After two years of pandemic disruptions, GEO 660 students returned to the usual six-week field camp. It was a fitting return to form for the final field camp led by Mark Helper, who retired this year after 27 years as field camp director (Read more, Mark Helper: Distinguished Senior Lecturer Emeritus). This year’s camp traveled to New Mexico, Utah, Wyoming and Montana. Wildfire risks led to the closure of some sites in New Mexico, but instructors successfully rerouted to safer alternatives, and students were able to complete their field projects as planned.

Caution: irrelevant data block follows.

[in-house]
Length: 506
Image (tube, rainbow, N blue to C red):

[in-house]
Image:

The class traveled to Port Aransas to study coastal geology aboard the R/V Katy, the UT Marine Science Institute’s research vessel. The class also explored Packery Flats near Corpus Christi, looking for damage done to salt marshes by storms and rising seas.
The hydrogeology field camp travelled to three sites around Texas: Hornsby Bend, Port Aransas and the Jackson School’s White Family Outdoor Learning Center in Dripping Springs. At the learning center, students watched well drilling in action guided by alumnus Pat Goodson and his company Geoprojects International. They also heard from alumnus Marcus Gary of the Edwards Aquifer Authority.